OPINION: Disney/Fox merger shifts film industry

By Alejandro Ambriz

On Wednesday, March 20, 2019, Disney’s 71.3 billion dollar purchase of the film and TV assets held by 21st Century Fox was officially complete. 

Notable assets acquired are Fox film and TV studio, FX, National Geographic channels, Star India, and 30 percent of Hulu.  

There are two ways to look at the situation. The first is the much anticipated access Disney-owned Marvel studios will gain to the X-Men and Fantastic Four characters. Considering how well Marvel makes movies, and how questionable some of the Fantastic Four and X-Men films have been, this merger likely sounds great. With April’s ‘Endgame,’ Marvel will need new movies to sustain itself. 

The other side of the coin is a disappointing, but expected, effect of the merger.Analysts believe this move will force smaller studios to merge as they scramble to compete with the massive studio which now also owns the “Simpsons” franchise. Lay-offs are expected of course. Disney CEO Bob Iger spoke about a $2 billion in annual cost savings by 2021, and much of that is presumed to come by way of layoffs. Disney never clarified how many people would lose their jobs. Analysts say that 4,000 of the current jobs would be lost due to the merger. What happens to the movie industry after this massive and record-breaking deal?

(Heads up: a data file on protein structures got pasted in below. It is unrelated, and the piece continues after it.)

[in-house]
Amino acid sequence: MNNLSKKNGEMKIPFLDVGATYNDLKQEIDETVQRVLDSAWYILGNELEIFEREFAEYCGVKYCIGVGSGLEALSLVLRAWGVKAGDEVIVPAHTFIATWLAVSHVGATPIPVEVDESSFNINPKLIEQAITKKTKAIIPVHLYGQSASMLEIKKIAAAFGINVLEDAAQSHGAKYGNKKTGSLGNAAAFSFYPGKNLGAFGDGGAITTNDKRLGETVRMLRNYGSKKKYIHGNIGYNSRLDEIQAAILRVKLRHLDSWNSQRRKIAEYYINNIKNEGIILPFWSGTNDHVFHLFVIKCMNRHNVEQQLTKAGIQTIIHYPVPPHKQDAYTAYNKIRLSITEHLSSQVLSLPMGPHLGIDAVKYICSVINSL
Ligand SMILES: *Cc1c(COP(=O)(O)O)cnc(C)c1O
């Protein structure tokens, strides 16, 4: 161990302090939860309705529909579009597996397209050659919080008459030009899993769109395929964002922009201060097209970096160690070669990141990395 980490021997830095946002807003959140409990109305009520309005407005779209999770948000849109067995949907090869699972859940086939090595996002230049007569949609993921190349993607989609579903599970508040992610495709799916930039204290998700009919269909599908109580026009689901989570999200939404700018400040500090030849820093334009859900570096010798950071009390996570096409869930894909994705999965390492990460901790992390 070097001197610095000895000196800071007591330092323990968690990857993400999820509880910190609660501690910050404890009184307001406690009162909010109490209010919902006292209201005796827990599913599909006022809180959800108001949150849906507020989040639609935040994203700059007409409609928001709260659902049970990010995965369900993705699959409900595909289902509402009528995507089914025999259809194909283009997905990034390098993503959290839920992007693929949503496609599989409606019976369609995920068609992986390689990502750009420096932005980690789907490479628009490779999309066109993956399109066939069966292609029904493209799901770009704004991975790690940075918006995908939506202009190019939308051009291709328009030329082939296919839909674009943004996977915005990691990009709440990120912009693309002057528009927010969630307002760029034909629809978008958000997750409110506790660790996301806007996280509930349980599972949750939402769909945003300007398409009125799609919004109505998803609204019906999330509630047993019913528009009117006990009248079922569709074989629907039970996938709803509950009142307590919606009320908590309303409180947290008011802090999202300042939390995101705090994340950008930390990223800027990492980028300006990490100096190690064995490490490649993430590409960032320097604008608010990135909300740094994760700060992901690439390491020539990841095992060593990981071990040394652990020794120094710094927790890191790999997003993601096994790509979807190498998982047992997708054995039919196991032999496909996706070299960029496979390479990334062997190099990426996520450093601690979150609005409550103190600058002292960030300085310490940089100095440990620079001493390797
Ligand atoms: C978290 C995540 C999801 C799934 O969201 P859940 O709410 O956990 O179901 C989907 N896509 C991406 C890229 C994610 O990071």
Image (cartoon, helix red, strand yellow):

Essentially, what’s been happening for a few years already: an oligopoly, a state of limited competition in which the market is shared by a small number of sellers. 

Warner Bros, Universal, Sony, and Paramount are among the other few dominating the movie industry. Disney will face issues spacing out its abundance of films in a manner that will provide each a shot of financial success. In addition to this, there is content from Fox that doesn’t necessarily fit Disney’s brand. This content is not in line with Disney’s more kid centric content. Disney is in control of films and shows that are adored by many people. Yet a healthy fan following does not always translate into profits. And Disney has shown that it generally wants to use brands to continue making money. 

Rarely straining for much else, the studio aims for money makers like movies from  Marvel, Star Wars, or animated films. 

Disney can choose to let Fox make movies aimed at a wide variety of audiences, understanding that it will be taking some losses on those films. Conversely Disney can  also push Fox into the same box as its subsidiaries. That position being for Fox to be responsible for a number of films each year ensuring each one makes the money that is expected from it. Media consolidation has become more of a problem in recent years and this merger doesn’t do much to help it. 

Cinematically, it presents and opportunity for a reunion of Marvel characters and revamped films. But there is a danger of saturation of content as the release dates for films from both Disney and Fox begin to collide. 

Disney will have to decide which direction it will want Fox to go after this monumental merger. 

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